Narcolepsy

Antonio Culebras MD (Dr. Culebras of SUNY Upstate Medical University has no relevant financial relationships to disclose.)
Originally released July 22, 1994; last updated January 29, 2017; expires January 29, 2020

Overview

In this article, the author reviews the current information on narcolepsy, a disease that has progressed in only 50 years from a quasi-psychiatric condition to a true neurologic disorder. New knowledge of the etiology and mechanism of the disease relative to the hypocretins has opened a major pathway to understanding excessive sleepiness not only in narcolepsy but also in other sleep disorders. Most cases of narcolepsy with cataplexy are associated with the loss of approximately 50,000 to 100,000 hypothalamic neurons containing hypocretin. Pharmacologic treatment remains symptomatic but increasingly effective.

Key points

 

• Narcolepsy is characterized by excessive daytime sleepiness.

 

• The classic form of narcolepsy (narcolepsy type 1) features cataplexy, sleep paralysis, and hypnagogic hallucinations.

 

• Some patients with otherwise typical features of narcolepsy do not have cataplexy; this is a condition referred to as monosymptomatic narcolepsy or narcolepsy without cataplexy (narcolepsy type 2).

 

• The observation that narcolepsy was associated with human leukocyte antigens (HLA)-DR2 was the first indication of a biologically based source.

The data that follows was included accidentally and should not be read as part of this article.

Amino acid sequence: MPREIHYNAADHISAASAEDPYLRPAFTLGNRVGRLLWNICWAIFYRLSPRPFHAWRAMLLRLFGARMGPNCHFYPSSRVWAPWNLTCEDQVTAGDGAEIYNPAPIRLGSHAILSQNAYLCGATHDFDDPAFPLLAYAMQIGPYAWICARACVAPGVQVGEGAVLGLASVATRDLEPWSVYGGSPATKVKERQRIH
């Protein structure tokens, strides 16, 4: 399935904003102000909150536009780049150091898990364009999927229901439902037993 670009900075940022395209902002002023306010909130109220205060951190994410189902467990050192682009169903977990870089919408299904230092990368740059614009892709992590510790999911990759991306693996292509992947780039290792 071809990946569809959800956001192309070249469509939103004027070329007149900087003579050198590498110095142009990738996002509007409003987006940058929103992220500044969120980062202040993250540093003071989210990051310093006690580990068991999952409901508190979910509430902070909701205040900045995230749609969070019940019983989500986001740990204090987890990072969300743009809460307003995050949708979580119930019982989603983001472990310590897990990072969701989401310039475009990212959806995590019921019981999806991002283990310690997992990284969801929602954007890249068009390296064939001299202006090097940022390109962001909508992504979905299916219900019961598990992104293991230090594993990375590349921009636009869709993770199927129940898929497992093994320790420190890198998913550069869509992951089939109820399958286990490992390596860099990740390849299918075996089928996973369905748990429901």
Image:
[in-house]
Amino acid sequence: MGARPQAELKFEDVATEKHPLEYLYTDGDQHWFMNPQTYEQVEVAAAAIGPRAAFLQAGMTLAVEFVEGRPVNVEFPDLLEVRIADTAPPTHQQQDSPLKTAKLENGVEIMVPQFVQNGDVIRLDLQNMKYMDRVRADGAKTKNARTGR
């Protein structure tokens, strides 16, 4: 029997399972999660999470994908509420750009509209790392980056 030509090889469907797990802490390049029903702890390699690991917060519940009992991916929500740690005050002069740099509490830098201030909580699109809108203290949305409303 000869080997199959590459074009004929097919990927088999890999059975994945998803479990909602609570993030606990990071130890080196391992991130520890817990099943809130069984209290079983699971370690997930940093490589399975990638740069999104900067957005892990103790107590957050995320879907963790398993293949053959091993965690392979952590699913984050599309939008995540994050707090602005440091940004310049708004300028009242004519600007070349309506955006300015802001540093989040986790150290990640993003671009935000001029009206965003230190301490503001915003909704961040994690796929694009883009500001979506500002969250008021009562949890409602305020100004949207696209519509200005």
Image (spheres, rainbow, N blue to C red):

• The discovery of a significant decrease of the neurotransmitter hypocretin-1 levels in cerebrospinal fluid in patients with narcolepsy-cataplexy provided a new test to diagnose the condition.

 

• Administration of gamma hydroxybutyrate (GHB) (sodium oxybate) has been confirmed as an efficacious treatment of narcoleptic symptoms.

Historical note and terminology

It is plausible that Dante's sleep, dreams, hallucinations, and falls are clues to a lifelong pathologic trait and that Dante may have known of or had narcolepsy (Plazzi 2013). Excessive sleepiness has been noted by physicians for centuries. Caffe and Foot described pathologic sleepiness (Caffe 1862; Foot 1866); subsequently, Westphal and Fischer reported episodic loss of muscle tone associated with sleepiness (Westphal 1877; Fischer 1878). Gelineau introduced the term "narcolepsy," derived from the Greek words narcos meaning somnolence and lepsy meaning seized, in his description of sleep attacks and muscle weakness following intense emotion in a 38-year-old wine barrel retailer (Gelineau 1880). Lowenfeld introduced the term “Kataplectische Starre” (cataplectic spells) to describe these atonic episodes (Lowenfeld 1902). The term "sleep paralysis" was introduced by Kinnier Wilson, although the phenomenon had been described as "night palsy" by Weir Mitchell in 1876 (Wilson 1928). Adie suggested that narcolepsy was a specific disease entity as opposed to a heterogeneous syndrome (Adie 1926).

Subsequently, Yoss and Daly (Yoss and Daly 1957) described the classic narcoleptic tetrad of hypnagogic hallucinations, sleep paralysis, excessive sleepiness, and cataplexy. In 1960 Vogel reported the occurrence of REM sleep at the onset of sleep in a single narcoleptic subject (Vogel 1960). Three reports published in 1963 confirmed the discovery (Rechtschaffen et al 1963). The first consensus definition of narcolepsy was adopted by participants of the First International Symposium on Narcolepsy in 1975 (Passouant 1976).